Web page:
Kathryn Seifert Ph.D.

Stop The Cycle

Death by Stoning: Why Is This Sickening Punishment Legal?

In 2014, it is still legal or being practiced in some countries.

Posted Feb 18, 2014

Imagine your community had a gathering at the local park this weekend. All your friends and neighbors are here for the big event. The woman down the street has been accused of adultery by her husband and three of his friends, so she has been sentenced to death by stoning.

In the middle of the field, the woman is buried in the ground up to her chest and everyone is circled around her. There are piles of stones ready to be thrown. These stones are large enough that they will cause life-ending damage, but not too big to kill her on impact. The stoning is meant to be a slow, painful, and deliberate death.

The husband has the “honor” to throw the first stone. Then her children are coaxed into taking part. They are told to do it for God. The woman is allowed to try and escape, but she is buried too deeply. For the next 10 to 20 minutes the rest of the community joins in.

I wish this description was a nightmarish fiction, but in some countries, this form of capital punishment still exists. The details remain the same, aside from the fact that it is not happening right down the street.

This is the truth I realized as I watched the movie "The Stoning of Soraya M.," which is based on the true story of the stoning-to-death of Soraya Manutchehri in Iran in the 1980s. Soraya is falsely convicted of adultery by a Sharia court and a sentence of death-by-stoning is her punishment. In the movie, one of the most horrific moments is when the father encourages her two eldest children to throw stones at their own helpless mother.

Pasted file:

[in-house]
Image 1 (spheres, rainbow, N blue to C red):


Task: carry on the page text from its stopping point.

As of this writing, at least 11 people await stoning sentences in Iran, most of which have gone against women as a means of control. Stoning is also a legal punishment in Pakistan, northern Nigeria, Saudi Arabia, Somalia, Sudan, the United Arab Emirates, Qatar, Mauritania, and Yemen. Out of these counties, stonings have occurred in Iran, Pakistan and Somalia, although the stonings in Pakistan have been outside the legal system. There are a few other countries in which stonings are not condoned by national legislation, but sentences have been carried out at a regional level or by tribal groups.

One of these countries is Afghanistan. Stoning was the official punishment for many crimes under the Taliban rule, but the U.S.-led occupation helped end that. Late last year, however, there were a series of worrying reports that the Afghan government would reintroduce some aspects of Sharia law to appease the Taliban, including stoning.

A worldwide public outcry helped prevent this from being written into law; a victory for human rights. However, with U.S. troops withdrawing from Afghanistan and media attention waning, there may be an increase in violence against women in the region and restriction of their rights. Even though stoning is not legal, it will likely continue to happen unofficially.

If the public outcry is loud enough, these punishments can be prevented. Learn more about it. Read the stories online, share them on social media and let your voice be heard. The petition on Change.org to “End Stoning Now” has accumulated nearly 12,000 signatures. We have seen time and time again how a small effort from enough people can have monumental results.